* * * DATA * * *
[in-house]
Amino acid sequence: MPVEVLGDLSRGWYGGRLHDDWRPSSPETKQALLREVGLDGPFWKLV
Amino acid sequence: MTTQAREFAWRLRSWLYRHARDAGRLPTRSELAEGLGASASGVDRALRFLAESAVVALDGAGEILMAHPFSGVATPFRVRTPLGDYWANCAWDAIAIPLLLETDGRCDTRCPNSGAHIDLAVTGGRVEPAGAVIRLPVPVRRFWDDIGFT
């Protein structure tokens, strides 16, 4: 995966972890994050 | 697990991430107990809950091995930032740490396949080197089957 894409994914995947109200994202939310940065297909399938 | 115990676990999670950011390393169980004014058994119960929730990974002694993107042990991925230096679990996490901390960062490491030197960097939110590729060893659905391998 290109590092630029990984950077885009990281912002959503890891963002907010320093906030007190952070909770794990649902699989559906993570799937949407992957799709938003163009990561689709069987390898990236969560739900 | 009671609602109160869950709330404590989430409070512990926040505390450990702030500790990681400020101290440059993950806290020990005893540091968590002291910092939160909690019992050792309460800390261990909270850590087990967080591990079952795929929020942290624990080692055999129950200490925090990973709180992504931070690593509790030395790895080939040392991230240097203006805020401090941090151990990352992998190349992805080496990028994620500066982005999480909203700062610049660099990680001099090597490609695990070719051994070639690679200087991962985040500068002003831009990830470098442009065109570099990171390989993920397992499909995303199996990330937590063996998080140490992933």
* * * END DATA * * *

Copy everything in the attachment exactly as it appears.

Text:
[in-house]
Amino acid sequence: MPVEVLGDLSRGWYGGRLHDDWRPSSPETKQALLREVGLDGPFWKLV
Amino acid sequence: MTTQAREFAWRLRSWLYRHARDAGRLPTRSELAEGLGASASGVDRALRFLAESAVVALDGAGEILMAHPFSGVATPFRVRTPLGDYWANCAWDAIAIPLLLETDGRCDTRCPNSGAHIDLAVTGGRVEPAGAVIRLPVPVRRFWDDIGFT
């Protein structure tokens, strides 16, 4: 995966972890994050 | 697990991430107990809950091995930032740490396949080197089957 894409994914995947109200994202939310940065297909399938 | 115990676990999670950011390393169980004014058994119960929730990974002694993107042990991925230096679990996490901390960062490491030197960097939110590729060893659905391998 290109590092630029990984950077885009990281912002959503890891963002907010320093906030007190952070909770794990649902699989559906993570799937949407992957799709938003163009990561689709069987390898990236969560739900 | 009671609602109160869950709330404590989430409070512990926040505390450990702030500790990681400020101290440059993950806290020990005893540091968590002291910092939160909690019992050792309460800390261990909270850590087990967080591990079952795929929020942290624990080692055999129950200490925090990973709180992504931070690593509790030395790895080939040392991230240097203006805020401090941090151990990352992998190349992805080496990028994620500066982005999480909203700062610049660099990680001099090597490609695990070719051994070639690679200087991962985040500068002003831009990830470098442009065109570099990171390989993920397992499909995303199996990330937590063996998080140490992933």